Look at previous sentence. “That’s because people are mostly interested in themselves.” What if I had used the pronoun I in this sentence? “I am mostly interested in myself.” This sounds egoistic, and will put off most readers.
But talking about yourself can have some distinct advantages. Look at this example and the emotional response it generates: “When it comes to being thankful, I am the worst.”
In a post on thankfulness and how important it is, if there are some thankless readers out there who know their shortcoming, you might not want to dump a bucket of fresh guilt on them for not being thankful enough. What you can do is ‘sacrifice’ yourself to make every reader feel better. This is a humble and likable thing to do occasionally. We (as in all of humanity) don’t like prideful people without flaws; we like to see the human-ness in humans.
Self-deprecating humor is fun too. “The first time I went for a yoga class, the teacher mistook me for a mat, because 10 minutes after the class had ended, I was the only one still there.” This is an embarrassing story, but it shows my human-ness in a humorous way.
Of course, I is also used to boast, and you’ll want to limit that as much as possible. Boasting has the opposite effect of humility – making readers feel inferior or threatened, and not liking you!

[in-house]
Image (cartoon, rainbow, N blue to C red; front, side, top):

When to use I
- To share personal experiences and stories
- When you express an opinion – I recommend doing this infrequently, though it depends on your style
- To show humility or self-deprecating humor – a very powerful writing technique that I’ve noticed master bloggers use well.
When not to use I
- While having an opinion rant (Is it ironic if I don’t stop here?)
- When you want readers to feel included
Surprise Final Exam!
Choose A, B or C to fill the blanks in 1, 2, and 3. Use each answer only once, and be careful. They’re tricky. And no peeking!
1. ______ terrible.
2. ______ should live the dream.
3. ______ need to exercise more.
A. We (are)
B. You (are)
C. I (am)
#1 Answer: C – I am a terrible person.
I is most suitable for humor or a confession, but also because the other two aren’t suitable at all. Saying “you are a terrible person” insults the reader, and saying “we are terrible people” is too general and negative to be useful.
#2 Answer: B – You should live (your) dream.
“You should live (your) dream” works best because it is a positive and encouraging statement that gets the reader’s attention. You is better than we because our dreams are personal to us, and it is relatively rare for an entire community to share a dream.
Using I in this case makes it less interesting for readers.
#3 Answer: A – We need to exercise more
We is best suited for this one because it includes everyone and boosts an important life practice. The community boost is helpful because exercise is a healthy activity that isn’t always fun or easy.
“I need to exercise more” is a close second because it can be used as a motivating example or confession, but it lacks the ‘we’re in this together” vibe.
How did you do?
Keep in mind that the context in which a pronoun is used changes the way it is perceived, so this test is only for most typical uses. I hope that you enjoyed this. May we all pay more attention to how we use pronouns in our writing so that you and I can rock our writing!
What’s your favorite way to use these pronouns? Sound off below and let me know!